Different standards among home inspectors

Q: After moving into our house, we noticed the smell of gas near the fireplace and immediately called the gas company. They found a leak and shut off the gas service until our plumber could fix the problem. It cost us about $ 500. When we contacted the inspector, he told us that detecting gas leaks is not part of a home inspection. If he reported the outbreak as “operational,” should he not take some responsibility for the undisclosed gas leak?

A: There are two general approaches among home inspectors regarding the scope of inspectors’ responsibility. One is to consider the scope of an inspection in strict accordance with minimum industry standards. The other is to make all reasonable efforts to uncover as many property defects as possible, within normal limitations.

There is something to be said for both approaches, although one is clearly more laudable as a way to best serve the interests of homebuyers.

The approach that relies on standardized limitations is the inevitable response to the contentious business environment favored by liability lawyers. Home inspectors, like most business people, operate in a general state of apprehension about the likelihood of unnecessary prosecution. To deal with this threat, professional home inspectors have limited the scope of an inspection to defects that are visible and easily accessible. Many gas leaks, in fact, occur in places where they are not easily detected. Therefore, gas leak detection has been excluded from home inspection industry standards of practice. Unfortunately, some inspectors have used this exclusion as a way to avoid liability for gas leaks which were in fact quite detectable.

The approach of other home inspectors is to find faults to the best of their observational ability, regardless of industry standards and limitations. In the event of a gas leak in a chimney, normal olfactory sensitivity may have been sufficient to allow the leak to be discovered. However, the gas leak may not have occurred on the day of the home inspection. No one will ever know for sure.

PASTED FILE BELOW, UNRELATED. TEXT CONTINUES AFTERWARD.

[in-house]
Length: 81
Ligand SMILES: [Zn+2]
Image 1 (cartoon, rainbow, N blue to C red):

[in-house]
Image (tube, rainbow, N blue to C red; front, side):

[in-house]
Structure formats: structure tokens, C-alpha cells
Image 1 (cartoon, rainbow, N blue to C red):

Hopefully, no other major defect has been overlooked by your inspector.

Q: Our neighbors asked us for permission to build a shed in their yard. We said OK, but then the hangar turned into a big, unsightly office. Now that they are selling the property, we have asked them to remove the structure, but they refuse. We don’t want to have a conflict with the new owners over this unauthorized building, and we wonder if the sellers have disclosed the illegal status to these people. How do we deal with this situation?

A: If the “hangar” was built without a permit, a complaint to the building department should produce results. This does not mean, however, that the removal of the building will be ordered. If construction is made in accordance with local building codes, the building department can approve the structure with an as-built permit. In this case, you can plant trees or shrubs, the possible growth of which will obscure your view of the unsightly building.

• To write to Barry Stone, visit him on the web at www.housedetective.com, or write to AMG, 1776 Jami Lee Court, Suite 218, San Luis Obispo, CA 94301.

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